Everything we've covered so far are all faults with the game that should have been corrected before the game was released. But perhaps the biggest reason why Dragon Warrior II failed is something that it had very little control over.
When Americans got their first taste of Dragon Warrior in August of 1989, the game was already more than three years old. As mentioned before, the game we know as Dragon Warrior had been released in Japan as Dragon Quest in May of 1986. And looking at the game, it obviously looks, feels, and sounds like a game that was designed when Nintendo's 8-bit console was still in its youth. If you compared it to other games out at the time - games like Mega Man II, Ninja Gaiden and Life Force, Dragon Warrior looked crude and unrefined. The graphics were blocky and undetailed, the music was primitive, and the controls felt slow. You could make the excuse at the time that presentation needed to be sacrificed in order to produce a game this robust.
But there's no way you can get away with that sort of excuse twice. Especially when the second game of the series is being released in November of 1990, a whole five years into the lifespan of the NES. When Dragon Warrior II hit the shelves, there was no ignoring the lack of an update in the game's presentation. The world map still looked like patchwork, the controls were still clunky, and the soundtrack was just as grating, if a little bit denser in its composition. Once again, Dragon Warrior II looked like an old game - and once again, it was: the Japanese version had been released at the start of 1987.
What sealed the fate of Dragon Warrior II, aside the fact that players were already starting to drift away from the NES and towards the newly-released Sega Genesis, was the fact that there was now competition. One game, which saw its Japanese release in December of 1987 (a full seven months after Dragon Quest II), had managed to get its localisation done faster and earn an April 1990 release in North America, seven months before Dragon Warrior II could make it onto store shelves. Care to take a guess what game I'm talking about?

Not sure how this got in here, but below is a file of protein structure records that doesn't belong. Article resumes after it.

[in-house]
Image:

(Hint: it's only the best-selling console RPG series of all time.)
Yep, that one.
Final Fantasy, a game so titled because its developer was on the verge of bankruptcy, completely stole Dragon Warrior's thunder. You could practically do a side-by-side comparison between this game and either installment of Dragon Warrior and highlight all the problems that Final Fantasy fixed, mitigated, or outright eliminated:
- The world of Dragon Warrior was a mishmash of forests, fields, mountains, and swamps.
- The world of Final Fantasy looked like an actual world, with all of its terrain fitting together much more realistically.
- Dragon Warrior's soundtrack only used all four of the NES' sound channels in its music twice: in the opening theme, and the ending theme. Nothing went for longer than 30 seconds before looping.
- Final Fantasy's soundtrack was melodic, adept at setting the right scene, and took full advantage of the NES' musical capabilities.
- Dragon Warrior's interface was driven entirely by menus. Multiple keystrokes were needed to talk to NPCs, unlock doors, or open treasure chests.
- Final Fantasy's interface greatly minimized the need to use menus. Talking to NPCs or opening chests was simply a matter walking up to them and pressing A; opening doors was automatic as long as you had the key. (One key, by the way, that opened every door for the rest of the game.)